May 31, 2009

Art-crush (teaser)

I am just a little obsessed with Laith McGregor's biro sketches of fantiastical bearded men. The use of biro not lends the work not only a sense of nostalgia (doodles in the margins of exercise books, anyone? -- not that they were ever this good!), but also a feeling of intimacy. This is not about big, gutsy brush-strokes, nor eye catching, blossoming colour. Instead, McGregor conveys a delicate fastidiousness that fits well with the rigid mathematical nature of the hexagon formed by the men's beards.

The beard motif veers dangerously close to becming repetitive, but is saved by the way McGregor uses it to make wry commentary on the status of both facial hair as a marker of identity, but also the status of beard imagery in contemporary culture.

See exhibits A-D to verify this proliferation of beardiness:


McGregor featured in not one but two exhibitions that I missed this year: Sydney's MCA's I Walk the Line: New Australian Drawing, which I missed thanks to being bogged down in essays about Baroque Rome; and a solo show at the Helen Gorrie gallery in Melbourne, which was mysteriously closed when I went there during what should have been its opening hours. Needless to say I was a little heartbroken.


Untitled, 2


Veni Vidi Vici (AKA Ancient Rome nerdery)

Centurions and the like by Nomade via Wooster Collective. These have popped up in NY, LA & San Francisco, and I think they are all kinds of awesome.

Sunny side up in Balaclava

(Also spotted in Fitzroy and the CBD, but dark + rain aren't exactly condusive to outside-and-uncovered photos.)

EDIT: This reminds me of a set of tags from France, which were left all over the streets and shop windows of Paris by retired watercolourist Jean-Luc Duez:
The story of Monsieur Duez and the AMOUR tags can be found here.

May 24, 2009

Joy joy joy division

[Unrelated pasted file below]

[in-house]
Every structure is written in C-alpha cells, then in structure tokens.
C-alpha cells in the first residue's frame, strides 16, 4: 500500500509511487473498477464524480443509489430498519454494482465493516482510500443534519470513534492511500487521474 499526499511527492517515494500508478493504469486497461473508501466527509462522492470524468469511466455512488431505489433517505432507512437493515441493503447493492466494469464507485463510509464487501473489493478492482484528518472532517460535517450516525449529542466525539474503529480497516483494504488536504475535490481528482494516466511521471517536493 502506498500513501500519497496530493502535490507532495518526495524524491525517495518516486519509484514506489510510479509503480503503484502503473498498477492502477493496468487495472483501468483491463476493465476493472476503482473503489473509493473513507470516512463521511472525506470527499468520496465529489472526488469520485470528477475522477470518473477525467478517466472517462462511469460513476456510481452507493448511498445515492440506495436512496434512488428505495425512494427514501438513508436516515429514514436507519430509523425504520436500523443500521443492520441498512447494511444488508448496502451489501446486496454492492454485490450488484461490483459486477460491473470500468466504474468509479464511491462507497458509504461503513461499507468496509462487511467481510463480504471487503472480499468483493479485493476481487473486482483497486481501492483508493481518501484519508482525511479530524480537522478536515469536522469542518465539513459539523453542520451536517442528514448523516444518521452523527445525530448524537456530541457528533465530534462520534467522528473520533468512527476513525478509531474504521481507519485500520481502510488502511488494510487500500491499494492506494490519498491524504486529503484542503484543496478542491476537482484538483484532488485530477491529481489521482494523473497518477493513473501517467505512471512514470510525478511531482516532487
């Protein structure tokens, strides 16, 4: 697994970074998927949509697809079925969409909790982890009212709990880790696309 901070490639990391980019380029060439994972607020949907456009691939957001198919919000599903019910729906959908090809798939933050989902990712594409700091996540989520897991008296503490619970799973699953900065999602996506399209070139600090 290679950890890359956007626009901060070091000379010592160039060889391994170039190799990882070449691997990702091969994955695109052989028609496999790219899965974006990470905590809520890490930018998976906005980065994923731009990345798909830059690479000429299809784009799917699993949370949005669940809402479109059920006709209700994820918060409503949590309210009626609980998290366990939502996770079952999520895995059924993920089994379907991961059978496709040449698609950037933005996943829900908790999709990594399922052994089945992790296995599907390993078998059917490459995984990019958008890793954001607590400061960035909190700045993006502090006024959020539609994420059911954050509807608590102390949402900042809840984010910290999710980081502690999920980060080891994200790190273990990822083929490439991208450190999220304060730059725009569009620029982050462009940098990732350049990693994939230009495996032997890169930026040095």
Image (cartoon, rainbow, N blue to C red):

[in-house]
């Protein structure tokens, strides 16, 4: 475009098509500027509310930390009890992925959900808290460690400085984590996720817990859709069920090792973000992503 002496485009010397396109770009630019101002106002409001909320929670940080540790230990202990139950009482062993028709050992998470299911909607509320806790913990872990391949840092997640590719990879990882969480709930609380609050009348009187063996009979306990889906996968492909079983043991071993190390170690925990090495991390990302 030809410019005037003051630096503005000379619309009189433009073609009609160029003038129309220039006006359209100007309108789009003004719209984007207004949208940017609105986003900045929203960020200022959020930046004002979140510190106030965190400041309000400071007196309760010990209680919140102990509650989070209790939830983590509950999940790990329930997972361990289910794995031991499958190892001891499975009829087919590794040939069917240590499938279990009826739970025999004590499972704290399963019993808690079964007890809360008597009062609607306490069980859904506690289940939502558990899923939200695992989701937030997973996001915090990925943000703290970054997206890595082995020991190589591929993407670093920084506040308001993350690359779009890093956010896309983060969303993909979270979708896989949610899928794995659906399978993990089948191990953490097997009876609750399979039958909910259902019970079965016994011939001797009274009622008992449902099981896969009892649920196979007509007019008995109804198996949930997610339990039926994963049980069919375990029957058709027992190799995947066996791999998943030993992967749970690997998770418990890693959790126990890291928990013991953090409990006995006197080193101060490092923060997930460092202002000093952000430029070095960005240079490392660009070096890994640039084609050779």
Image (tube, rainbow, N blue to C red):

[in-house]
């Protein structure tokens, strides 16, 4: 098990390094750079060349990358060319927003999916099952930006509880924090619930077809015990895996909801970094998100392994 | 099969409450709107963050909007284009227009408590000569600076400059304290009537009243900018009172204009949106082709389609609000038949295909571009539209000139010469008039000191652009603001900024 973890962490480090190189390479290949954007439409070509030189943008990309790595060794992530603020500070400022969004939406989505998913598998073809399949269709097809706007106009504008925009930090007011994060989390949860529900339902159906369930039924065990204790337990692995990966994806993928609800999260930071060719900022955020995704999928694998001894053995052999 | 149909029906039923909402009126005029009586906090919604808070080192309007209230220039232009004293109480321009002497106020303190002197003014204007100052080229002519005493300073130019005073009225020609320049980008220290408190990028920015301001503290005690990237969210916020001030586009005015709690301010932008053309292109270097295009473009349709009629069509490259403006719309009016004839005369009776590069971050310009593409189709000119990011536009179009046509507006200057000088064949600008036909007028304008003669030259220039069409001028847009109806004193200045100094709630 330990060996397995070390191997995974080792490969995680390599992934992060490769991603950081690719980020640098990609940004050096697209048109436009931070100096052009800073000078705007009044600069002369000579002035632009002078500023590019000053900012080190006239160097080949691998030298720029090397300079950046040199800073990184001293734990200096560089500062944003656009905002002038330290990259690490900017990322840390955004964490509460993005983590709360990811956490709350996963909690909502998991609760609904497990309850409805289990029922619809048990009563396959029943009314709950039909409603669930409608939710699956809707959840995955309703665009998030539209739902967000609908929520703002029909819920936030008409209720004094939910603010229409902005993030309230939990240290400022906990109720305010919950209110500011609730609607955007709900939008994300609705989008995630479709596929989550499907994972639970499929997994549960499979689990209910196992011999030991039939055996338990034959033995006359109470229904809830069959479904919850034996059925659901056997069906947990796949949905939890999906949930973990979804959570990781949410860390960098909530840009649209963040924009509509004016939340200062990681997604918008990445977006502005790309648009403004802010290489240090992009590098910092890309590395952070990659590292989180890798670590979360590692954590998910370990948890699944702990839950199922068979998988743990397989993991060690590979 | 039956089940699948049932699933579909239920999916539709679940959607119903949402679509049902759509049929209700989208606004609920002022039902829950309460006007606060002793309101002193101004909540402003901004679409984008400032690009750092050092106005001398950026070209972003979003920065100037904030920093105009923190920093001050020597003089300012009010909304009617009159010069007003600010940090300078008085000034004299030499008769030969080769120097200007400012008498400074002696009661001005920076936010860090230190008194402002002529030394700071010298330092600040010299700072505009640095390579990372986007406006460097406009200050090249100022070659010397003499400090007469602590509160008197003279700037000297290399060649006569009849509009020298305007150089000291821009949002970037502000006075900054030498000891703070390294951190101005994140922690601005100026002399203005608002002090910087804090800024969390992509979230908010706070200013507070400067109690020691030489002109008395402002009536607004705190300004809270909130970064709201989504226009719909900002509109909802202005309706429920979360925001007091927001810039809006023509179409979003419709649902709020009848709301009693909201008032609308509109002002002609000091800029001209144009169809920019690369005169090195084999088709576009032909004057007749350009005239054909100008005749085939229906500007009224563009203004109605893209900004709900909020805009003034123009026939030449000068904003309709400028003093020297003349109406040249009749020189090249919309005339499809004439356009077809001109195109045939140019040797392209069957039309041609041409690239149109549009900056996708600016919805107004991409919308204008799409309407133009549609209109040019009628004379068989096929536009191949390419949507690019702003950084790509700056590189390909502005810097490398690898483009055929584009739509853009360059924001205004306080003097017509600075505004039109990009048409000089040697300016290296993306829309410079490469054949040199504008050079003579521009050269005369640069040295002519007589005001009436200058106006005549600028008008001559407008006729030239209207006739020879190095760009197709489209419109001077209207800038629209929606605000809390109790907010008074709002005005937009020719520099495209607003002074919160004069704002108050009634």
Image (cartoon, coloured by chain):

As seen in Melbourne:

Also found, whilst wandering around Fitzroy & Collingwood:

May 13, 2009

A long awaited update

It has been a fair while since I last posted here. Too long, in fact. The absence is justified though: I have been grinding out the last two assesments for my Rome subject. The past few weeks have been consumed by this:

And this:

Respectively, an experiential analysis of Michelangelo's Campidoglio, which the more I write about, the more I love; and a comparison of the patronage programs of two Counter Reformation orders: the Jesuits and the Oratorians, which I loved to start with, but now never want to think about again. Suffice to say, I am pleased to be finished. Now to fill my newfound freedom with all things creative rather than just crashing on the couch after work. Ah yes, that is the challenge.
Oh, and by the by, yes I was snowed under, but not so snowed under that I couldn't find time to go to the NGV. This time we investigated a part of the gallery I have spent relatively little time in: the asian collection. The NGV has on at the moment an exhibition of the robes of Imperial China. Fasinating, visual overload, a techinical feast, need I say more. Well there was more: the whole sociocultural angle of how the roles of members of court helped shape the clothing styles they wore. It was fantastic. My little camera struggled to cope with the low lighting, but the red of the walls showed up beautifully, so not all is lost on the photo front.
In closing, I guess I can only promise to be more diligent with posting, what with having no excuse not to! I will do my best.
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